BLM fire restrictions continue in Garfield County
GRAND JUNCTION — Stage 1 fire restrictions on all lands managed by the BLM Grand Junction and Colorado River Valley Field Offices remain in effect.
Many areas of the state have received significant rainfall allowing those areas to remove fire restrictions. The recent rains locally are not significant enough for fire managers to remove restrictions. Conditions are monitored daily and the decision to remain in restrictions is evaluated weekly.
“Recent rains have helped, but fire potential remains high,” said Fire Management Specialist Lathan Johnson. Johnson notes that fire danger climbed back up in recent days. “We need people to remain vigilant until fuel moisture improves and we can get out of fire restrictions.”
Fire managers base decisions about fire restrictions on specific moisture measurements in vegetation and other risk factors. Monsoonal flows have allowed some relief in fire danger but high risk remains in elevations below 8,000 feet.
The BLM continues to enforce temporary restrictions of:
• Campfires are only allowed within designated fire grates in developed campgrounds (i.e. a metal, in-ground containment structure — fire pans and rock campfires rings are not acceptable)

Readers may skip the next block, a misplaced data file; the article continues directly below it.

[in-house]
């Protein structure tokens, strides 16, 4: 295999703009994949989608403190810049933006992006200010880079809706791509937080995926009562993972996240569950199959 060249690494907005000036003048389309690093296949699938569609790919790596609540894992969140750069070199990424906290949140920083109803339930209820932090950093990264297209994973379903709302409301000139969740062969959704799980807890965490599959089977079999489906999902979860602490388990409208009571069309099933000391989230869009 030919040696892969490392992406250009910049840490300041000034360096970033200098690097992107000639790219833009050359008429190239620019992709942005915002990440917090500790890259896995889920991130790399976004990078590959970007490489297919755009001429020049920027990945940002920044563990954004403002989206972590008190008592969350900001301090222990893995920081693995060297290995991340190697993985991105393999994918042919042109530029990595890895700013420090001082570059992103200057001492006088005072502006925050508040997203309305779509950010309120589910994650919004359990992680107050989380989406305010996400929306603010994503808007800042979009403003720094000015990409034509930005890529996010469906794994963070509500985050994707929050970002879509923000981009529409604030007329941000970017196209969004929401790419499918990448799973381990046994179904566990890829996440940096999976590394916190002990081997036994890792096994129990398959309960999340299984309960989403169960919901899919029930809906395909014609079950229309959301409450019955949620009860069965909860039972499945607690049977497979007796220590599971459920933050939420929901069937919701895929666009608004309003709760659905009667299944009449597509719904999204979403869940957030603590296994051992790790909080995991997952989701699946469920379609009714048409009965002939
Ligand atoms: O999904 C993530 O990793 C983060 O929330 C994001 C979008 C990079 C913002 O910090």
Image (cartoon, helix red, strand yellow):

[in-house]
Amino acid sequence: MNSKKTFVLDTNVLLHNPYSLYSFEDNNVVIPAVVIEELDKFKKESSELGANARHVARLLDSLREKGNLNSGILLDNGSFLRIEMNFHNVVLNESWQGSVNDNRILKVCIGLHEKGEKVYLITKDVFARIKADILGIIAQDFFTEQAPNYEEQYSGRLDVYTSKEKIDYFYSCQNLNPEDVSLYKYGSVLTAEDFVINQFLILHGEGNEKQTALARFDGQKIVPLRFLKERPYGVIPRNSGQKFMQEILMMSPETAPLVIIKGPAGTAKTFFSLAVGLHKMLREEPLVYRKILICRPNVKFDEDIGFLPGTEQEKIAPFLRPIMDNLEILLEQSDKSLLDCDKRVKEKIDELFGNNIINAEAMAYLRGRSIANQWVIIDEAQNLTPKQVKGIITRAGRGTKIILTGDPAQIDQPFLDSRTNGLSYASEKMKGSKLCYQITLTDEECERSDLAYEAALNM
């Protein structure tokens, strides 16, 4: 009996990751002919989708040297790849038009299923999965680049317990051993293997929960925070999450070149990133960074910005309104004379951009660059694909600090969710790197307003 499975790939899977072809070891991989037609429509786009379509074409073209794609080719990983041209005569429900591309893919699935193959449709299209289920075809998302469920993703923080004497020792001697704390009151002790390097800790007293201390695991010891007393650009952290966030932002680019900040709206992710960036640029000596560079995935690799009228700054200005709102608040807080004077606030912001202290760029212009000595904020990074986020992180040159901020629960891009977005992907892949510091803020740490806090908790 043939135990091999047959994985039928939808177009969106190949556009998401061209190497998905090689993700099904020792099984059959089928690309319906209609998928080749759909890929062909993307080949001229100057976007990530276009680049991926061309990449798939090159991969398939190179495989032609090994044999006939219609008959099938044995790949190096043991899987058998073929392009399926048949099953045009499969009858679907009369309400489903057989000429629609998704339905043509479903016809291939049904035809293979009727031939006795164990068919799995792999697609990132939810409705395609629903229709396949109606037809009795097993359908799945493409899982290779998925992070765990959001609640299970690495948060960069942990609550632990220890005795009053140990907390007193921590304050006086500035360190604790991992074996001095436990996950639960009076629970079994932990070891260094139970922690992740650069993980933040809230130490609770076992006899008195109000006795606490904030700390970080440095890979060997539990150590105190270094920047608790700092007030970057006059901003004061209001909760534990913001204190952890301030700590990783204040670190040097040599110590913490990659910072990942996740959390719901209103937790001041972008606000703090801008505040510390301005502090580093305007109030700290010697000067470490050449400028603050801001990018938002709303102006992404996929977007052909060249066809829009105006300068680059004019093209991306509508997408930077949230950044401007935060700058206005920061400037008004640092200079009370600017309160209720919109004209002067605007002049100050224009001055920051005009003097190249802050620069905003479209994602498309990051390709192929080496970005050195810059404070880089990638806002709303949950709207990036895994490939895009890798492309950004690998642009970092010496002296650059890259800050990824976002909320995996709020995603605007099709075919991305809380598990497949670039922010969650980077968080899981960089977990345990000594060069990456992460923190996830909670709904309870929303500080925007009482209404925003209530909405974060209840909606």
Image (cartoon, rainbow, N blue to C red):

• No fires of any type including charcoal outside of developed areas
• No smoking except within an enclosed vehicle or building, a developed recreation site or in a barren area free of vegetation
• No use of explosive materials
• No welding or operation of an acetylene or other similar torch with open flame except from an area that has been cleared of vegetation
• No operation of any internal combustion engine without a spark arresting device properly installed and in working order
• Fireworks are always prohibited on BLM, National Forest and National Park Service lands.
The BLM Grand Junction and Colorado River Valley Field Offices along with Garfield and Mesa Counties remain in restriction.
Restrictions on these BLM lands will be in place until further notice. Violation of federal fire restrictions is punishable by a fine of not more than $100,000 or imprisonment for not more than 12 months or both. Those found responsible for starting wildfires will also face restitution costs of suppressing the fire.
For more information about fire restrictions in these areas, log on to http://gacc.nifc.gov/rmcc/dispatch_centers/r2gjc/ or call the Colorado River Valley Field Office at 970-876-9000 or the Grand Junction Field Office at 970-244-3000.
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An axiom says the flood follows fire. The U.S. Forest Service and partners are working to determine potential problems in the 32,600-acre Grizzly Creek fire burn scar and steps to ease the risks this year in Glenwood Canyon.